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Aortic stenosis (AS) is a narrowing of the aortic valve opening. This valve controls the flow of blood from the heart to a large artery called the aorta. This artery carries blood from the heart to the rest of body.
AS makes it hard for blood to flow out of the heart. It can lower the amount of blood that goes to the body and cause a back-up of blood into the heart. This back-up can raise pressure in the heart and lungs. AS can range from mild to severe.
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The aortic valve is made up of three cusps that open and close together. In babies, AS is caused by a birth defect that may result in:
The valve can also be damaged by infection.
Factors that may raise your child's chance of AS are:
Mild AS may not cause any problems. More severe AS may cause:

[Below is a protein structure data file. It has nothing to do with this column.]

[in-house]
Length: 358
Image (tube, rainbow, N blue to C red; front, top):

In rare cases, AS can cause:
You will be asked about your child’s symptoms and health history. A physical exam will be done. The doctor may be alerted of AS by:
Pictures may be taken to view the heart and structures around it. This can be done with:
Mild AS will be monitored for any changes or problems. Treatment may not be needed right away.
Here are options for moderate to severe AS:
Your child may need to avoid strenuous physical activity, such as competitive sports. Talk to your child’s doctor before your child starts an exercise program.
If needed, your child may be given medicine to lower stress on the heart and help prevent heart failure.
Congenital AS can’t be prevented.
American Heart Association
National Heart, Lung, and Blood Institute
Canadian Cardiovascular Society
Canadian Society for Vascular Surgery
Aortic stenosis in children. Boston Children's Hospital website. Available at: http://www.childrenshospital.org/conditions-and-treatments/conditions/aortic-valve-stenosis. Accessed June 28, 2018.
Aortic (valve) stenois in infants and children. Cincinnati Children’s website. Available at: http://www.cincinnatichildrens.org/health/a/avs/. Updated June 2015. Accessed June 28, 2018.
Aortic stenosis. EBSCO DynaMed Plus website. Available at:http://www.dynamed.com/topics/dmp~AN~T114195/Aortic-stenosis. Updated January 26, 2018. Accessed June 28, 2018.
Last reviewed May 2018 by Kari Kassir, MD Last Updated: 6/28/2018